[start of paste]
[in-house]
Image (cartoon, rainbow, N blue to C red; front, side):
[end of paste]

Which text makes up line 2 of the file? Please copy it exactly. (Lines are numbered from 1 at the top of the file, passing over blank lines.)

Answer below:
Image (cartoon, rainbow, N blue to C red; front, side):